Ena Djordjevic


Unnamed Language


The sky changing color at night; something I notice

in Vinca, my body less than one short trail

from that eternal river.  My mother once said

that when she met him, my father would swim across

from his country to hers, shaking his hair out when he reached her,

waiting by the river bank in Croatia.

There is some kind of violent purple in the distance

above centuries of trees. A wind carries the sound

of the dead language, exchanged by a couple

passing in the dark. Behind me, the house is full of relatives

I have met once, between us a faint path

of what should have happened, if.             Had I known

the words would want me back I would have learned

to read this language.  Now, it raises eyebrows in the markets. 

I say bread and they shake their heads.  I speak: tomorrow,

goodnight. Nothing.  Gone.  Coming back here

is like entering a house you know

through a basement window.  Relearning speech,

I am waiting to see a path through trees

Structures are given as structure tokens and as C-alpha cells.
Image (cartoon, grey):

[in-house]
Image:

when I touch my grandmother’s arm. Soft.

Blood, my mother once said, is the way

we recognize each other, we don’t need to understand.

The river is not motionless, as it appears.  The river

I am seeing is not the sky, the changing

of the light like a pendulum in one direction. 

I am one short trail from the river.

One short trail from if.        If is the violent country

I am living in when I speak.  The river can’t cross,

bridge.  The trees by the water, standing or uprooted,

are shadows sloping into the bank.




Between Sarajevo and Belgrade


Before anything started, the people

in our lives began coupling off with strangers

who had level ideas.  An aunt became pairs